The LRT214 is configured via web browser. The menus are responsive and have a basic, straightforward layout, with tabs for System Status, Quick Start, Configuration, Maintenance and Support. The Status page shows the current system information, port status, firewall status, and VPN status. Below are screenshots of the Status page from top to bottom. The Maintenance and Support menu tabs were clipped to better show page detail.
Status Screen, Top
Status Screen, Bottom
The Quick Start tab provides a wizard for configuring the WAN and LAN interfaces, setting the time, and changing the password. Note, the LRT214's time configuration supports NTP. But the option for Daylight Savings only allows configuring daylight savings based on month and day instead of the US daylight savings rule, which goes from the second Sunday of March to the first Sunday of November.
The Support tab provides links that take you to Linksys' product and Support pages. You can download the 75 page User Guide from the Support page. I found it a bit sparse on explanations, lacking configuration examples and including a few technical errors. An example is that page 13 of the manual has incorrect subnetting details.
I contacted Linksys for examples of VPN configurations and they provided draft documents of useful examples with screenshots. I was encouraged to hear they intend to post these examples on the support site in the future.
The Configuration tab is where you'll find the bulk of the configuration options. The table below summarizes the LRT214's menu tree.
Table 1: Menu tree
There are six 10/100/1000 Ethernet ports on the LRT214. Four of the ports are LAN ports, one port is a WAN port, and the other port is a DMZ port. As mentioned earlier, the DMZ port can also function as a second WAN port on LRT224.
The LRT214 is a Gigabit VPN router, which we verified in our testing. However the port setup screen shows only speed options for 10M and 100M as displayed below. The LRT manual states there should be options for 10M, 100M, and 1000M.
The LRT214 has two means of managing bandwidth. First, rate control rules can be set up to manage throughput by traffic type to specific IP addresses. Second, priority rules can be set up to provide High or Low priority by traffic type. There are 22 pre-defined traffic types. Additional traffic types can be defined by TCP/UDP/IP and port number.
I set up a simple rate control rule to limit throughput to 500 Kbps on a connection from a PC on the WAN side of the LRT to a PC on the LAN side of the LRT. Prior to putting the rule in place, I could transmit data between the two PCs in excess of 100 Mbps. With the rule active, shown below, I could only transmit date between my two PCs at 483 Kbps, validating the effectiveness of the LRT's rate control capability. My rule configuration is shown below.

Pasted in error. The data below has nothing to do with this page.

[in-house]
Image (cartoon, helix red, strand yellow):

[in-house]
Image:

Bandwidth Rate Control
As mentioned, priority rules can also be set based on High or Low priority by traffic type. In addition, traffic can be prioritized in the port setup menu by physical port. However, the manual doesn't go into detail what the LRT will do with Low priority traffic during periods of high utilization.
VLAN & IPv6
The LRT214 supports up to five 802.1Q VLANs. Each LAN port on the LRT must be an untagged member of one VLAN and can be a tagged member of 1-4 more VLANs. The LRT provides a DHCP server for each VLAN so devices on each VLAN can be automatically addressed with different subnets.
I was able to successfully test 802.1Q VLANs on the LRT214. As you can see in the screenshot below, ports 1-4 are by default in VLAN 1. I set up VLANs 3-5 and made port 3 on the LRT an untagged member of VLAN 4, plus a tagged member of VLAN 3 and 5.
I configured a trunk port on a switch with matching configurations and connected port 3 on the LRT to this trunk port. I then configured three ports on my switch, all as access ports, to be members of VLANs 3,4, and 5 respectively. Plugging a PC into each of these three access ports validated the VLAN capability of the LRT as the PC received an IP address from the corresponding DHCP server for each VLAN.
The LRT also supports IPv6 addressing. It can be configured to run in Dual Stack mode, meaning it will support IPv4 and IPv6 simultaneously. Additional IPv6 functionality include IPv6 router advertisement, DHCPv6 and 6to4 tunnels.